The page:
In an effort to strengthen the safety of New Hampshire's communities by helping parents, professionals and youth understand media's role in influencing behavior, Governor Maggie Hassan today announced a public-private initiative aimed at reducing and preventing youth violence.
Funded through a grant from the Office of the Attorney General, the initiative will enable Manchester-based Media Power Youth, a nonprofit organization and leader in media literacy education, to offer free teacher training and curricula to elementary schools statewide with technical support from the New Hampshire Department of Education. In addition, middle and high school programs and parent programs will be provided in selected communities.
"We must work together to improve the safety of our communities and to reduce violence, especially among our young people," Governor Hassan said. "While not the only cause of violence, media is increasingly shaping the choices, attitudes, behaviors, and learning abilities of children and teens.
"Through this new research-based initiative, we will work to reduce the impact of media violence, guide children to make healthy choices, and reduce the risk of violence and crime in our schools and communities," Governor Hassan said. "This initiative, along with our work to strengthen mental health services and to improve school safety, will add to New Hampshire's ongoing efforts to make our communities safer and stronger."
In the New Hampshire tradition of grassroots collaboration, the Media Power Youth program will be a public-private partnership, bringing together leaders from the fields of criminal justice, law enforcement, education, health and human services, health care, foundations, and business, as well as parents and community members.
Media Power Youth Executive Director Rona Zlokower praised the Governor and the Office of the Attorney General for their proactive leadership. "Media education can help reduce violent behavior in children. Thoughtful and positive media use is linked to greater empathy, healthier choices, more connectedness, better conflict resolution skills and improved academic performance," Zlokower said.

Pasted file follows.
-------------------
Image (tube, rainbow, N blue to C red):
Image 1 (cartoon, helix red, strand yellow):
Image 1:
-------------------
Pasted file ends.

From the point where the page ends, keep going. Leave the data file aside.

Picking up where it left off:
She emphasized that media has moved beyond print, movies, TV, music, and gaming to social media in all its forms. "Media are active participants in our children's lives; providing the tools for them to communicate with each other and the world around them. Media education helps youth make the connection and distinction between media messages and impact and their own lives and actions."
According to Deputy Attorney General Ann Rice, "Increasingly there are reports in the news of children killing themselves, their peers and others. Violence, aggression, disrespect, bullying and cyber-bullying - all behaviors which can be destructive, even if they never reach the level of criminal activity - are also becoming more prevalent in children. All too often, the influence of media is seen as a contributing factor."
"Violence, especially that perpetrated by youth, is preventable. Through this program, the Office of the Attorney General looks forward to partnering with Media Power Youth, New Hampshire school districts and communities to promote this common goal."
Governor Hassan included $100,000 in violence prevention grant funding in the FY 2014/2015 state budget, and the $50,000 grant for the first year was approved earlier this year by the Executive Council.
Media Power Youth utilizes evidence-based practices and programs that have been found to be effective by independent evaluation and review. Evaluations have shown that Media Power Youth programs help students actively speak about the negative aspects of media and increase their understanding of advertising influences and techniques in order to make their own healthy choices. Both students and parents demonstrated that they would seek to implement their skills outside of the curriculum. For more information, visit www.mediapoweryouth.org.
Joining the Governor and Deputy Attorney General Rice at today's announcement were Education Commissioner Virginia Barry, Health and Human Services Commissioner Nicholas Toumpas, US Attorney John Kacavas, Dr. Sol Rockenmacher of the NH Pediatric Society, Tym Rourke of the New Hampshire Charitable Foundation, Chief Mike Sielicki, President of the NH Association of Chiefs of Police, and Rona Zlokower and Sarah Shanahan from Media Power Youth.